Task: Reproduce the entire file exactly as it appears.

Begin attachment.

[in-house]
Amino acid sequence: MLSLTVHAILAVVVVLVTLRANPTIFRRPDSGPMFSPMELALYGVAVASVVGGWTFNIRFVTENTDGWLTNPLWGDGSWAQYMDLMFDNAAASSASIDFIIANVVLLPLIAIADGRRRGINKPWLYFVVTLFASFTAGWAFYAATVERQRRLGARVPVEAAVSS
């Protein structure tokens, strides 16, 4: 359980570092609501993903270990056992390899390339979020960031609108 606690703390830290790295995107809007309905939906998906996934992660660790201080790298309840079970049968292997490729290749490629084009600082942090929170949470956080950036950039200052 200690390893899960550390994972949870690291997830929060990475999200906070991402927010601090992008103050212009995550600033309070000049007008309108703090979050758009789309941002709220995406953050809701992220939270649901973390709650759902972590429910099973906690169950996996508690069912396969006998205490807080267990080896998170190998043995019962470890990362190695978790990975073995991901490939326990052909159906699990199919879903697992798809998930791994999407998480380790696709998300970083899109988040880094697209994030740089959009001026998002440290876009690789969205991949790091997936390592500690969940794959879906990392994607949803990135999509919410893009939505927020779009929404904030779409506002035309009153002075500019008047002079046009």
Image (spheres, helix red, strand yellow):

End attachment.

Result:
[in-house]
Amino acid sequence: MLSLTVHAILAVVVVLVTLRANPTIFRRPDSGPMFSPMELALYGVAVASVVGGWTFNIRFVTENTDGWLTNPLWGDGSWAQYMDLMFDNAAASSASIDFIIANVVLLPLIAIADGRRRGINKPWLYFVVTLFASFTAGWAFYAATVERQRRLGARVPVEAAVSS
């Protein structure tokens, strides 16, 4: 359980570092609501993903270990056992390899390339979020960031609108 606690703390830290790295995107809007309905939906998906996934992660660790201080790298309840079970049968292997490729290749490629084009600082942090929170949470956080950036950039200052 200690390893899960550390994972949870690291997830929060990475999200906070991402927010601090992008103050212009995550600033309070000049007008309108703090979050758009789309941002709220995406953050809701992220939270649901973390709650759902972590429910099973906690169950996996508690069912396969006998205490807080267990080896998170190998043995019962470890990362190695978790990975073995991901490939326990052909159906699990199919879903697992798809998930791994999407998480380790696709998300970083899109988040880094697209994030740089959009001026998002440290876009690789969205991949790091997936390592500690969940794959879906990392994607949803990135999509919410893009939505927020779009929404904030779409506002035309009153002075500019008047002079046009």
Image (spheres, helix red, strand yellow):